A couple hours dedicated to insuring the preparedness of both boat and trailer is a wise investment in time, one likely to pay dividends in hassle-free sport throughout the season.
A boat is highly dependent on its electrical system. Any pre-season preparation should make certain the batteries powering this system are in top notch shape, which includes clean terminals and connections. Working with marine batteries carries the risk of exposure to acid. Protect yourself by wearing safety glasses and rubber gloves. Also, if you use an onboard battery charger make sure it is unplugged before proceeding.
Disconnect the negative (--) terminal first, then the positive side (+). In marine applications, it's common to have multiple leads on each battery post. After they've been removed from the post, I like to keep track of them by stringing them together with a wire tie, using a black tie for connectors from the negative post, and a white one for ones removed from the positive side. Use a small wire brush to clean the battery posts and the connectors. Contact cleaner spray, or a solution of water and baking soda, helps the process. Coat the posts with white lithium grease to prevent corrosion.
It's not a bad idea to fire up the motor before making the first trip of the year. "Earmuffs" — muff-shaped flush adapters — allow you to supply water to the engine's cooling system through a garden hose. If you properly winterized the engine last season before storage, it might produce some excess smoke during the initial ignition period as it burns off the extra lubrication. The outboard's lower unit lubricant should be replaced annually, so do it now. It's a simple process well described in your owner's manual.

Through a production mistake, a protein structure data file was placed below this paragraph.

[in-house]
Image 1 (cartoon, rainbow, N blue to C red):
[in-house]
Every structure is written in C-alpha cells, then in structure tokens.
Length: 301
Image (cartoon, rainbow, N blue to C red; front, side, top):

Move on to check the function of the boat's navigation lights. If there's a problem, it might be with the bulb. In the case of "stowable" lights corrosion on terminals can cause a failure. Or the lighting system's might have blown a fuse, or tripped the circuit breaker. Fuse holders and circuit breakers are usually located in or near the switch panel.
Inventory the boat's safety equipment, making sure that it's there and in working order. This includes personal flotation devices, cushions, fire extinguisher and sound device. You should also carry a functional flashlight, and an anchor and rope. If big waters like the Great Lakes are part of your beat, be sure you have the added safety equipment necessary on such U.S. Coast Guard regulated waters, including up-to-date flares.
This is also a good time to check your boat registration, making sure your tags are current and that your registration card is in your wallet.